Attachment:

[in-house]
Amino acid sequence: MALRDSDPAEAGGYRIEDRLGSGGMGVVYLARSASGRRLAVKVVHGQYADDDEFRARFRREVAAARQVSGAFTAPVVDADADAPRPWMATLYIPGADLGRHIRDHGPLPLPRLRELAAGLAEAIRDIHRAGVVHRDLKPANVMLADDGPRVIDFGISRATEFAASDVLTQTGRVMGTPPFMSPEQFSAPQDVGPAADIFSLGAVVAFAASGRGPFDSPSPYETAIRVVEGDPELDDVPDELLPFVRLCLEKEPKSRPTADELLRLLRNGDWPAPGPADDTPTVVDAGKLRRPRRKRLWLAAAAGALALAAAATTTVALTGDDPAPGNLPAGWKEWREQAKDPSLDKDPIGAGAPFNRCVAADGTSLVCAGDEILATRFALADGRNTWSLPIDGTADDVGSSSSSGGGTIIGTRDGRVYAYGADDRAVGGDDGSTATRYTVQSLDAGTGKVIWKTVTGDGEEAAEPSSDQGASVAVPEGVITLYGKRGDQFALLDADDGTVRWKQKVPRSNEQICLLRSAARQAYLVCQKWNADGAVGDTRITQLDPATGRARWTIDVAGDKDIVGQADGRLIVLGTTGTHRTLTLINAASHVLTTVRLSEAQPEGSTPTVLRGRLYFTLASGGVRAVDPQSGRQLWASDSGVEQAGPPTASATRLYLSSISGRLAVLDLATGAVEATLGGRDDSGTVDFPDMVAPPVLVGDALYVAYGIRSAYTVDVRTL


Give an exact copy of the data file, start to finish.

[in-house]
Amino acid sequence: MALRDSDPAEAGGYRIEDRLGSGGMGVVYLARSASGRRLAVKVVHGQYADDDEFRARFRREVAAARQVSGAFTAPVVDADADAPRPWMATLYIPGADLGRHIRDHGPLPLPRLRELAAGLAEAIRDIHRAGVVHRDLKPANVMLADDGPRVIDFGISRATEFAASDVLTQTGRVMGTPPFMSPEQFSAPQDVGPAADIFSLGAVVAFAASGRGPFDSPSPYETAIRVVEGDPELDDVPDELLPFVRLCLEKEPKSRPTADELLRLLRNGDWPAPGPADDTPTVVDAGKLRRPRRKRLWLAAAAGALALAAAATTTVALTGDDPAPGNLPAGWKEWREQAKDPSLDKDPIGAGAPFNRCVAADGTSLVCAGDEILATRFALADGRNTWSLPIDGTADDVGSSSSSGGGTIIGTRDGRVYAYGADDRAVGGDDGSTATRYTVQSLDAGTGKVIWKTVTGDGEEAAEPSSDQGASVAVPEGVITLYGKRGDQFALLDADDGTVRWKQKVPRSNEQICLLRSAARQAYLVCQKWNADGAVGDTRITQLDPATGRARWTIDVAGDKDIVGQADGRLIVLGTTGTHRTLTLINAASHVLTTVRLSEAQPEGSTPTVLRGRLYFTLASGGVRAVDPQSGRQLWASDSGVEQAGPPTASATRLYLSSISGRLAVLDLATGAVEATLGGRDDSGTVDFPDMVAPPVLVGDALYVAYGIRSAYTVDVRTL